TITLE

A systematic review of telemonitoring for the management of heart failure

AUTHOR(S)
Louis, Amala A.; Turner, Tracy; Gretton, Marcia; Baksh, Angela; Cleland, John G.F.
PUB. DATE
October 2003
SOURCE
European Journal of Heart Failure;Oct2003, Vol. 5 Issue 5, p583
SOURCE TYPE
Academic Journal
DOC. TYPE
Article
ABSTRACT
Background: Telemonitoring allows a clinician to monitor, on a daily basis, physiological variables measured by patients at home. This provides a means to keep patients with heart failure under close supervision, which could reduce the rate of admission to hospital and accelerate discharge. Objective: To review the literature on the application of telemedicine in the management of heart failure. Methods: A literature search was conducted on studies involving telemonitoring and heart failure between 1966 and 2002 using Medline, Embase, Cochrane Library and Journal of Telemedicine and Telecare. Results: Eighteen observational studies and six randomised controlled trials involving telemonitoring and heart failure were identified. Observational studies suggest that telemonitoring; used either alone or as part of a multidisciplinary care program, reduce hospital bed-days occupancy. Patient acceptance of and compliance with telemonitoring was high. Two randomised controlled trials suggest that telemonitoring of vital signs and symptoms facilitate early detection of deterioration and reduce readmission rates and length of hospital stay in patients with heart failure. One study also showed a reduction in readmission charges. One substantial randomised controlled study showed a significant reduction in mortality at 6 months by monitoring weight and symptoms in patients with heart failure; however, no difference was observed in readmission rates. Another randomised study comparing video-consultation performed as part of a home health care programme for patients with a variety of diagnoses, suggested a reduction in the costs of hospital care, which offset the cost of video-consultation. Patients with heart failure were not reported separately. One randomised study showed no difference in outcomes between the telemonitoring group and the standard care group. Conclusion: Telemonitoring might have an important role as part of a strategy for the delivery of effective health care for patients with heart failure. Adequately powered multicentre, randomised controlled trials are required to further evaluate the potential benefits and cost-effectiveness of this intervention.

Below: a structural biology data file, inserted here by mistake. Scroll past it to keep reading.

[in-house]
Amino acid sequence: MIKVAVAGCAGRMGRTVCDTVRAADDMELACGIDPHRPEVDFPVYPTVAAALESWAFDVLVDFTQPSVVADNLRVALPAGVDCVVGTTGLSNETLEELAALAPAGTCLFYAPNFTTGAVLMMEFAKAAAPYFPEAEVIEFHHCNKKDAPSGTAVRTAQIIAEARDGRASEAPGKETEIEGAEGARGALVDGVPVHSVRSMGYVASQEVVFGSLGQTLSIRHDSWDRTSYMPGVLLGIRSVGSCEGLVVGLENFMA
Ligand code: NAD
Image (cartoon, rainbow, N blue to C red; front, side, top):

ACCESSION #
11253464

 

Related Articles

  • Detection of spironolactone-associated hyperkalaemia following the Randomized Aldactone Evaluation Study (RALES). Hauben, Manfred; Reich, Lester; Gerrits, Charles M.; Madigan, David // Drug Safety;2007, Vol. 30 Issue 12, p1143 

    Introduction: A population-based analysis has suggested that the publication of the RALES (Randomized Aldactone Evaluation Study) in late 1999 was associated with both the wider use of spironolactone to treat heart failure and a corresponding increase in hyperkalaemia-associated...

  • Review: Therapeutic hypothermia improves neurologic outcome and survival to discharge after cardiac arrest. Lang, Eddy S. // ACP Journal Club;2/16/2010, Vol. 152 Issue 2, p1 

    The article presents information on studies on the effectiveness of therapeutic hypothermia in adults surviving cardiac arrest. The studies compared therapeutic hypothermia, applied within 6 hours of arrival at hospital, with standard treatment in adults who had cardiac arrest and were...